In an age where all you need is a big bum, a brass neck and a contouring kit to secure world fame, there’s comfort in knowing Beyoncé earned her place at the top spot through graft, talent and uh…a big booty.
For the September issue of Vogue, the Bootilicous cover star talks everything from ancestry (she comes from a slave owner who married a slave) to opening doors (incredibly this is the first ever Vogue cover shot by an African American, 23 year old photographer, Tyler Mitchell). The piece, in Beyoncé’s own words, solidifies her place as number one human being on the planet, closely followed by Oprah who’s dancing skills or lack thereof, cost her gold.
On her husband, fellow superstar Jay Z, Beyoncé recalls his presence after her emergency C-section last year for twins Sir and Rumi:
‘My husband was a soldier and such a strong support system for me. I am proud to have been a witness to his strength and evolution as a man, a best friend, and a father.’
Sweet words now, but we all remember the rage and vulnerability of that mind blowing visual album Lemonade (2016) when Beyoncé explored infidelity in the profound spirit of an artist searching for truth. Women the world over, who have felt the poison of cheating, understood the power of that swinging baseball bat and Roberto Cavalli mustard ruffled gown in Hold Up smashing the place up and singing,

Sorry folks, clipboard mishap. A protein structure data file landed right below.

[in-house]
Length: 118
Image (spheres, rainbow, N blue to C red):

‘I smell your secrets, and I’m not too perfect
To ever feel this worthless’
Yes I know women cheat too, all the time, but this one was about the female perspective. It was powerful stuff, more than pop music. Interesting then, her take on ancestry in Vogue:
‘I come from a lineage of broken male-female relationships, abuse of power, and mistrust. Only when I saw that clearly was I able to resolve those conflicts in my own relationship. Connecting to the past and knowing our history makes us both bruised and beautiful.’
For Beyoncé, everything is symbolic, even her twins signified the union of male female energy growing inside her, ‘I pray that I am able to break the generational curses in my family and that my children will have less complicated lives’.
Is she overthinking it? Of course she is, but at least she is engaging her brain. That makes her a role model worth celebrating. Not just that, she’s not pretending to be perfect or doling out unsolicited advice. She’s just telling us how she’s dealing with the mystery of this existence.
‘I have experienced betrayals and heartbreaks in many forms. I have had disappointments in business partnerships as well as personal ones, and they all left me feeling neglected, lost, and vulnerable. Through it all I have learned to laugh and cry and grow,’ she tells Vogue.
And therein lies Beyoncé’s power, staring failure and betrayal in the eye and still she rises.